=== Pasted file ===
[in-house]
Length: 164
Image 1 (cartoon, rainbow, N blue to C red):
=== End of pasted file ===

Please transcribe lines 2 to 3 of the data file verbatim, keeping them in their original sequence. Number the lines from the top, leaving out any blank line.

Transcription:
Length: 164
Image 1 (cartoon, rainbow, N blue to C red):